Cadets who are members of the Color Guard display the U.S. flag and represent the AFROTC detachment at formal events, such as at football and basketball games, when the national anthem is played. “At other functions around the local area, we get a lot of requests to have the Color Guard available,” Vetrano explains, “so that people can show a patriotic respect to the flag.”

Summer training programs, not a requirement but a perk of the AFROTC, are paid positions that allow cadets to shadow Air Force officers and learn about languages, flying, gliding, and more. At a one- to three-week program called Operation Air Force, cadets are exposed to different specialties by working on an operational Air Force base. “It’s to try to motivate them toward an Air Force career,” Vetrano says.

All freshman cadets on a four-year scholarship, including Melissa Dorn, attend a similar session called the Rising Sophomore program. This summer Dorn shadowed people who work in mission support, maintenance, operations, and medicine at Charleston Air Force Base in South Carolina. “My favorite was the medical group,” Dorn says. “I shadowed two doctors; one was a pediatrician, and another was a flight medicine physician.”

Amal Nazzall, a UM senior psychology major and AFROTC cadet, attended a four-week boot camp last summer that was challenging but affirmed her direction in the military. “When you wake up to the annoying sound of a horn every morning at 4 or 5 a.m., and you’re on your feet all day long, constantly under pressure,” she says, “it’s definitely one of those times when you get to know yourself and decide, ‘Do I really want to do this?’”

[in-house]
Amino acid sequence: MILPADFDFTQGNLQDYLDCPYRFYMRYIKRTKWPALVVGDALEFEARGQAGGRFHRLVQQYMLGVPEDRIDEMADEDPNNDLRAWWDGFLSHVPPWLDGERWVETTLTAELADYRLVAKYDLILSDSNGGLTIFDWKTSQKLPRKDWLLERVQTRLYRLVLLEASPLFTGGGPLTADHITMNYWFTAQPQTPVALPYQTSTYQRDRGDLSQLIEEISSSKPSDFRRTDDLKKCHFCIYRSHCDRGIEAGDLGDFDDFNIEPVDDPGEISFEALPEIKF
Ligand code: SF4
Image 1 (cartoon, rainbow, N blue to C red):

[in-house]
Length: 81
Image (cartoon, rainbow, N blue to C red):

Nazzall is planning to be an intelligence officer in the Air Force’s equivalent of the Federal Bureau of Investigation, called the Office of Special Investigations. Her ultimate career goal is the FBI. The value of her hard work and training rang clear last October, when she commanded the Florida conference for the Arnold Air Society. When one person on her staff had a seizure, she acted swiftly. “I’m so happy that I had all that experience dealing with being under pressure and thinking about what to do in circumstances that are not routine,” she says.

While GPA, SAT scores, and community service play into whether high school students qualify for the AFROTC program, one of the most important things is integrity.

“The future leaders of the United States Air Force need to instinctively know the difference between right and wrong and have the moral courage to make a tough call, even though it may be an unpopular decision,” Vetrano says.

“I’ve developed so much, not only as a leader, but also I know a lot more about myself,” says Nazzall. “I feel more comfortable in my own skin—more comfortable with my abilities.”

Lisette Hilton is a freelance writer in Boca Raton, Florida. Photography by John Zillioux and Pyramid Photographics.